Friday, October 5, 2018

Insight: Panacea, or the next best thing

By Lorraine Glowczak

According to the online Merriam-Webster Dictionary, a panacea is “a remedy for all ills or difficulties; a cure-all.”

Although it is true that solutions to all society’s struggles and problems have yet to be found, there
are a few of us wannabe alchemists who are still trying to concoct an elixir to life. Before you are tempted to laugh or criticize these few pseudoscientists, be sure you are not one of us.

For example: Have you looked for ways to lower your risk for Alzheimer’s? What about that perfect diet that not only helps you maintain your weight but also energizes you, helps you to live longer – and reduces anxiety, too? What about working towards the cure for cancer?

Whew! I thought so. I was worried I might be the only one in search of, not necessarily a panacea – but actionable steps toward helping to balance the many ills in the world. However, since the facts are stacked against any perfect remedies, how shabby would it be for this alchemist, and others like me, to settle for the next best thing?

For those who may not know, Britain’s University of Bristol’s School of Chemistry states, “……the introduction of alchemy to the west came in the 8th century when the Arabs brought it to Spain. From here it quickly spread to the rest of Europe.

The Arabian belief was that metals are made up of mercury and sulfur in varying proportions. Gold was seen as the perfect metal and all others were less perfect, an idea popular among western alchemists. It was a very popular idea indeed, that these lower metals could be transmuted into gold….”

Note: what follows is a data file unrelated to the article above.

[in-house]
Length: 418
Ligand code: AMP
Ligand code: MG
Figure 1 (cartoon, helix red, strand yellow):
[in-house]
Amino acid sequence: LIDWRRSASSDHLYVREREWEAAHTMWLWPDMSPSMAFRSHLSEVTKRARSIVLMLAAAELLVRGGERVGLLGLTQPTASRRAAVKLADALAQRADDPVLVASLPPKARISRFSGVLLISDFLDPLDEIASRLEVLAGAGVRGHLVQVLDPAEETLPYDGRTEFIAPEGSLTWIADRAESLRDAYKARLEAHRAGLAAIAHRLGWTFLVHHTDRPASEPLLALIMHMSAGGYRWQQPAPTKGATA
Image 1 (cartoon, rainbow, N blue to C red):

Although the alchemists were not successful in converting less important metals into the sought after soft, malleable and highly prized metal, their efforts “led to the manufacture of amalgams and advances in many other chemical processes and the apparatus required for them……leading to what is now, the science of Chemistry.”

Which, many might say – is the next best thing.

This leads me back to solving all the countless troubles and misfortunes. Our efforts may not create gold but may convert a few obstacles into advantages for some.

The Chef and Nutrition Director, in the effort to provide locally grown foods for students in the RSU14 lunch program may not solve the world hunger issues, but they certainly transformed the lives of a few students (see front page). Perhaps last Thursday’s Make Shift Coffee House will not turn the Titanic of division around immediately, but its success may slow down the speed of the boat (see page 5).

If we can’t obtain a panacea or create a true elixir for all the difficulties we face – I for one think it may be okay to accept the next best thing.

Here’s to all the alchemist of life! Keep up the good work.

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